Former Celtic and Aberdeen winger Gary Mackay-Steven has revealed he had no idea where he was when he woke up in hospital after plunging into the River Kelvin two years ago.
Mackay-Steven fell into the river during a night out in Glasgow. He jumped over a wall and slipped, spending close to an hour in the water in the early hours of the morning before being taken to Queen Elizabeth University Hospital.
The 29-year-old, now playing for New York City FC in Major League Soccer in the USA, told the Football Daft podcast that he was convinced he was either on a golf course, or on Aberdeen's Union Street.
Speaking to podcast hosts David Tanner and wrestler Graeme "Grado" Stevely, Mackay-Steven recalled the incident but said he was unsure what caused his confusion.
"The nurse came through and said, 'all the checks are good - you can get out, but you just need to tell me where you are'.
"I said, 'yeah, no problem, the golf course'. The nurse was like, 'no, have a look around, where are you?'
"I remember sitting there looking at the monitors, the wires and my bed and I said, 'yeah, the golf course'. I was convinced I was at the golf course."
Mackay-Steven, who admitted he thought the incident was a bit of a laugh at the time but had since recognised the seriousness, added: "My girlfriend was there and she had obviously had a hell of a night but she couldn't tell me where I was, I had to work it out myself or they couldn't release me.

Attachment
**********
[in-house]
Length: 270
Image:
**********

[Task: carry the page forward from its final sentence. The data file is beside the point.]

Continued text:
"The nurse came back half an hour later, and I said I was on Union Street in Aberdeen. She said, 'No, you're not on Union Street' and I said, 'I know, I'm at the f*****g golf course'!"
The twice-cappped Scotland international said he had asked a doctor what had caused his confusion but didn't get a satisfactory answer.
"The doctor I asked didn't have a clue, and to this day I don't know. I'm not even a golfer, it was bizarre."
Mackay-Steven revealed he had been at a party on the Saturday night, but hadn't played in a match during the day. He believes his omission from the playing squad contributed to his survival.
"Maybe [not playing] was a good thing because I had the energy to keep afloat. I was swept down the river for a good bit, I remember being underwater and going pretty fast so it was mental. Being able to swim helped greatly," he added.